Thanks You don't need to factor out anything for this question. Note that \((ab)^2 = (a+b)^24ab\) Now, the sum of the roots :\(\frac{5}{2}\) and product of the roots :\(\frac{12}{2}\) Thus, \((ab)^2 = \frac{25}{4}+4*6 = \frac{121}{4}\) Thus, \((ab) = \frac{11}{2}\) E. Note that \((ab)^2 = (a+b)^24ab\) How are you getting this? I thought \((ab)^2 = a^2 2ab+ b^2\) \((a+b)^24ab = a^2+b^2+2ab4ab = a^2 2ab+ b^2\) Hope this helps.
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Re: By how much does the larger root of the equation 2x^2+5x = 1 [#permalink]
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04 Aug 2013, 11:57
mau5 wrote: You don't need to factor out anything for this question. Note that \((ab)^2 = (a+b)^24ab\)
Now, the sum of the roots :\(\frac{5}{2}\) and product of the roots :\(\frac{12}{2}\)
Thus, \((ab)^2 = \frac{25}{4}+4*6 = \frac{121}{4}\)
Thus, \((ab) = \frac{11}{2}\)
E.
Note that \((ab)^2 = (a+b)^24ab\)
How are you getting this? I thought \((ab)^2 = a^2 2ab+ b^2\)
\((a+b)^24ab = a^2+b^2+2ab4ab = a^2 2ab+ b^2\)
Hope this helps.
\((a+b)^24ab = a^2+b^2+2ab4ab = a^2 2ab+ b^2\) Sorry for buggin', but I am still curious as to why you chose to manipulate \((ab)^2 into (a+b)^24ab\) when you encountered this problem? Is there some sort of method/property that comes to mind? The study guides I am using doesn't really show this, but I would love to know
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Re: By how much does the larger root of the equation 2x^2+5x = 1 [#permalink]
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04 Aug 2013, 12:06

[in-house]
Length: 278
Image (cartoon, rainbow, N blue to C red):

DelSingh wrote: mau5 wrote: You don't need to factor out anything for this question. Note that \((ab)^2 = (a+b)^24ab\)
Now, the sum of the roots :\(\frac{5}{2}\) and product of the roots :\(\frac{12}{2}\)
Thus, \((ab)^2 = \frac{25}{4}+4*6 = \frac{121}{4}\)
Thus, \((ab) = \frac{11}{2}\)
E.
Note that \((ab)^2 = (a+b)^24ab\)
How are you getting this? I thought \((ab)^2 = a^2 2ab+ b^2\)
\((a+b)^24ab = a^2+b^2+2ab4ab = a^2 2ab+ b^2\)
Hope this helps.
\((a+b)^24ab = a^2+b^2+2ab4ab = a^2 2ab+ b^2\) Sorry for buggin', but I am still curious as to why you chose to manipulate \((ab)^2 into (a+b)^24ab\) when you encountered this problem? Is there some sort of method/property that comes to mind? The study guides I am using doesn't really show this, but I would love to know I chose this method only in this context . The question was asking for the difference of roots. . Now, we alrady know the sum and the product of the 2 roots. The formula which I have used is just to get the difference of the 2. By the way , it might be a handy formula to remember. Hope this helps.
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Re: By how much does the larger root of the equation 2x^2+5x = 1 [#permalink]
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DelSingh wrote: mau5 wrote: You don't need to factor out anything for this question. Note that \((ab)^2 = (a+b)^24ab\)
Now, the sum of the roots :\(\frac{5}{2}\) and product of the roots :\(\frac{12}{2}\)
Thus, \((ab)^2 = \frac{25}{4}+4*6 = \frac{121}{4}\)
Thus, \((ab) = \frac{11}{2}\)
E.
Note that \((ab)^2 = (a+b)^24ab\)
How are you getting this? I thought \((ab)^2 = a^2 2ab+ b^2\)
\((a+b)^24ab = a^2+b^2+2ab4ab = a^2 2ab+ b^2\)
Hope this helps.
\((a+b)^24ab = a^2+b^2+2ab4ab = a^2 2ab+ b^2\) Sorry for buggin', but I am still curious as to why you chose to manipulate \((ab)^2 into (a+b)^24ab\) when you encountered this problem? Is there some sort of method/property that comes to mind? The study guides I am using doesn't really show this, but I would love to know for a quadratic equation AX^2+BX+C = 0 SUM OF ROOTS = B/A PRODUCT OF ROOTS = C/A let a AND b be the roots of equation then a*b = C/A a + b = B/A now as we have to calculate difference of roots (ab) we can use directly the formula (ab)^2 = (a+b)^2  4ab...now simply you have to plug in the values.. hope it helps
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By how much does the larger root of the equation 2x^2+5x = 1 [#permalink]